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“People can simply be worthless—not just the very young, the very old and the very sick, but great swathes of physically healthy society. The final implication of liberal economics is genocide, figurative or literal. If you look at the “Rust Belt,” you see it. Hiroshima is certainly looking a lot better than Detroit these days.”

I think (or hope) you mean “economically worthless”. And that is the challenge - how to enable the maximum number of people, however “worthless”, to lead meaningful and fulfilling lives. Which as you imply elsewhere has maybe a lot to do with ludditism and back-to-the-land subsistence and community. And not the “bread n circuses” of globalised consumerism, or welfare dependency.

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Hey, does anybody know how to best reach Mr. Yarvin?

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So seagulls are becoming a serious public nuisance and menace in many communities (most stories out of UK) and the local governments and bureaucrats basically side with the birds every time (there’s a law from the 1980s that protects the birds, cause ofc there is). It’s as bad as pensioners effectively being trapped inside their houses because the gulls have made a nest over their front door and basically attack them when they try to step outside. Was telling a friend the other day that this problem has a weird potential of being a flashpoint for societal upheaval because at its core, it’s a government unable (and often seemingly unwilling) to protect its citizens.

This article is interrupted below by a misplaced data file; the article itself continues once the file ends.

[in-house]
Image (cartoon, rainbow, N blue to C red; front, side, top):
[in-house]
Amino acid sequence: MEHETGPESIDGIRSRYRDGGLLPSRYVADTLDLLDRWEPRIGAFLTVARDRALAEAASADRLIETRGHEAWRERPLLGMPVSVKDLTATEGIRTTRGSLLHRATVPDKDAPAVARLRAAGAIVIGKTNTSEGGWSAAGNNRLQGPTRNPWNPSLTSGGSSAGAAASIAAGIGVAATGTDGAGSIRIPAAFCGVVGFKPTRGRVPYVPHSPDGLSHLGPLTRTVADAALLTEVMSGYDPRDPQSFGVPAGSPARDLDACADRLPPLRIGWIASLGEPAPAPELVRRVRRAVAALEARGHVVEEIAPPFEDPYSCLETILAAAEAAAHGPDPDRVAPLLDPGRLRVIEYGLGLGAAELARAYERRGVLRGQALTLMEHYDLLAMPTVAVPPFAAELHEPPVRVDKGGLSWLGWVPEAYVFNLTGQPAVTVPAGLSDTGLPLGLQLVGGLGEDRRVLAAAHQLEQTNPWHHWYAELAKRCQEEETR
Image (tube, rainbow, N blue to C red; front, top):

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Something I want to know is what was it like in the time before FDR came to power in 1932. How did the press cover FDR before he was elected. What was the spin on FDR before elected.

Also the press hid FDR's handicap, how did that work?

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So, how is it that the examples of Putin and Xi have not changed your thinking on the monarchy question? I was highly sympathetic to your views---till I saw the behavior of these lunatics. China was clearly run better when it was under a very small, the PSC, than it is now under its monarch. Do you prefer China circa 2022 to China circa 2012?

And how would you feel about King Trump? The thing about alternative political visions is that the most idealistic version gets contrasted against the existing reality. Before communism was tried, idealistic communism always faced off against capitalist realities.